It's far from a foregone conclusion that the Baltimore Ravens will cut tight end Nick Boyle when his 10-game suspension for violating the NFL's policy on performance-enhancing substances is over. But Boyle's second suspension in two seasons definitely puts a career that began with plenty of promise at risk.
Boyle, selected in the fifth round a year ago, was once considered the steal of the Ravens' draft last season with his strong blocking and better-than-expected production in the passing game. Some believed he was outplaying second-round tight end Maxx Willliams for the first three months.
But getting suspended a total of 14 games can be a tough challenge for any backup to overcome. It's also not a smart move to make the same mistake just two months after coach John Harbaugh described your first violation as "pretty dumb."
Boyle can take some solace in the fact the Ravens have stood by some players in the past for the same infraction. In 2013, cornerback Asa Jackson remained with the team after two suspensions for PEDs (a total of 12 games banned), and he was a fifth-round pick as well.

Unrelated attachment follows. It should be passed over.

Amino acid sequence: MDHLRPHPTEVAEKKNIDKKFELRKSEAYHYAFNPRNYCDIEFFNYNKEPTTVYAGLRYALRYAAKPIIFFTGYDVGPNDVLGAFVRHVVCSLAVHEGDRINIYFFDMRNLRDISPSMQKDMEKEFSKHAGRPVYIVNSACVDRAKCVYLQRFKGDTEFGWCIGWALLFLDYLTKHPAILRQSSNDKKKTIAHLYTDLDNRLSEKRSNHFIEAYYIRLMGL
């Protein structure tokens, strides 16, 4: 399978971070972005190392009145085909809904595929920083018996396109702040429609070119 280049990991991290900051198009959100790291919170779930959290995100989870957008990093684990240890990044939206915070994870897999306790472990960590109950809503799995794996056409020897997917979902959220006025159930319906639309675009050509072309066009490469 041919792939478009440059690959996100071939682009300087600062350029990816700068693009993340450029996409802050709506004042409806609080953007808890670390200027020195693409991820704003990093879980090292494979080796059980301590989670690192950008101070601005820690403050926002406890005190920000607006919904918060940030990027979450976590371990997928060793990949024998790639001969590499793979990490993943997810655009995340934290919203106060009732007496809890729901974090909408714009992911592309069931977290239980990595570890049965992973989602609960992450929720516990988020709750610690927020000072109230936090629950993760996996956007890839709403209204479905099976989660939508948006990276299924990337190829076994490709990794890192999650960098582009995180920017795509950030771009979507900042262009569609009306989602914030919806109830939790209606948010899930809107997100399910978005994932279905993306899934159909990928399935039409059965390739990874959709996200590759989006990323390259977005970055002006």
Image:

The difference is the Ravens needed more depth at cornerback that year (and saw Jackson as a potential replacement for Corey Graham as a nickel back the next season), and they might not be as desperate at tight end when Boyle returns. In losing Boyle for 10 games, the Ravens have to consider taking a blocking tight end in the later rounds of the draft or, at the very least, sign a No. 3 tight end to back up Williams and Crockett Gillmore.
If Boyle's replacement fills his void, Baltimore could decide to move on from Boyle in early November when he is eligible to be reinstated. Boyle's mistake creates an opportunity to take a spot he may never be able to regain again. The worry with sticking with Boyle is he's one more violation away from being suspended for two years.
There's also a chance that the Ravens will be counting the days until Boyle can play again. Gillmore and Williams dealt with multiple injuries throughout last season and missed a combined eight games. If either one is injured, Boyle could come back to a situation where Baltimore needs him to play significant snaps right away.
The Ravens were very pleased with Boyle before his first suspension, and he'll get a chance to redeem himself because he can practice with the team in the offseason and play in Baltimore's preseason games. It would be presumptuous to write off Boyle right now.
But Boyle has a lot to prove. This repeated mistake shows poor decision-making and that he didn't learn the first time. It also puts his once-secure place on the Ravens roster in jeopardy. In this case, it could be two strikes and out for Boyle.